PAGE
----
Welcome to Fresh Start.
This is People’s Daily app.
Here are today’s picks from our editors.
1. Global COVID-19 deaths surpass 200,000
Global COVID-19 deaths surpassed 200,000 on Saturday afternoon, according to the Center for Systems Science and Engineering (CSSE) at Johns Hopkins University.
A total of 200,698 people have died of the disease among 2,865,938 cases worldwide, the CSSE data showed.
The United States suffered the most fatalities at 52,782 as its total cases reached 924,576. (Xinhua)
2. WHO says no evidence that people with coronavirus are immunized
The World Health Organization (WHO) said on Saturday that there was currently “no evidence” that people who have recovered from COVID-19 and have antibodies are protected from a second coronavirus infection.
In a scientific brief, the United Nations agency warned governments against issuing “immunity passports” or “risk-free certificates” to people who have been infected as their accuracy could not be guaranteed.
The practice could actually increase the risks of continued spread as people who have recovered may ignore advice about taking standard precautions against the virus, it said. (CGTN)
3. China strengthens crackdown on epidemic-related IPR crimes
Chinese prosecutors have intensified a crackdown on epidemic-related crimes of various types, including intellectual property right (IPR) infringement, according to the Supreme People’s Procuratorate (SPP) on Saturday.
The SPP said that procuratorial organs gave full play to their procuratorial functions to effectively protect the interests of IPR holders.
More than 85 percent of the epidemic-related IPR infringement cases involve counterfeit and substandard masks, said Zheng Xinjian, a prosecutor with the SPP. (Xinhua)
4. FDA warns of heart risks with Trump-promoted malaria drug
The US Food and Drug Administration on Friday warned doctors against prescribing a malaria drug touted by President Donald Trump for treating the new coronavirus except in hospitals and research studies.
In an alert, regulators flagged reports of sometimes fatal heart side effects among coronavirus patients taking hydroxychloroquine or the related drug chloroquine. The decades-old drugs, also prescribed for lupus and rheumatoid arthritis, can cause a number of side effects, including heart rhythm problems, severely low blood pressure and muscle or nerve damage.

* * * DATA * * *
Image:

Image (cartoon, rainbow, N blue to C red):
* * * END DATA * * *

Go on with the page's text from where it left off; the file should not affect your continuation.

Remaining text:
The warning comes as doctors at a New York hospital published a report that heart rhythm abnormalities developed in most of 84 coronavirus patients treated with hydroxychloroquine and the antibiotic azithromycin, a combo Trump has promoted. (AP)
5. Nearly 200,000 Italian companies ask to operate
Nearly 200,000 Italian companies have asked authorities for permission to be able to operate during Italy’s lockdown, either because they help essential businesses or because they deem themselves strategic for the national economy during the coronavirus pandemic.
The interior ministry said Saturday that a streamlined procedure is being implemented that “trusts the sense of responsibility of individual business persons” in allowing companies to resume operations.
The ministry’s local authorities can verify that a company respects COVID-19 safety rules, including social distancing. (AP)
6. Russian cargo ship docks with space station
An unmanned Russian cargo capsule docked with the International Space Station, bringing more than 2 tons of supplies to the three-person crew.
The ship carried fuel, water, food, medicine and other supplies.
There are three astronauts aboard the space station: Russia’s Anatoly Ivanishin and Ivan Vagner, and Chris Cassidy of the United States. (AP)
7. US man made bomb threat to avoid work
A Florida construction worker called in a bomb threat to a water treatment facility to get a day off work, US authorities said on Saturday.
Richard Hamilton, 36, was arrested Thursday and charged with making a bomb threat, the Palm Beach Post reported.
More than 20 people evacuated Wellington’s water treatment plant shortly after the threatening 911 call around 7am Thursday, according to the Palm Beach County Sheriff’s Office. Hamilton had been working with a construction crew at the facility and later told deputies that he made the threat because he was having a bad day and didn’t want to work. (AP)
Thanks for listening, and be sure to catch us tomorrow.
And now for the Question of the Day:
Which fictional city is the home of Batman?
(Answer: Gotham City.)
Today’s quote is from English Mathematician Alan Turing (1912 -1954).
“A computer would deserve to be called intelligent if it could deceive a human into believing that it was human.”
(Produced by Nancy Yan Xu, Ryan Yaoran Yu, and Brian Lowe. Music by Eugene Loner.)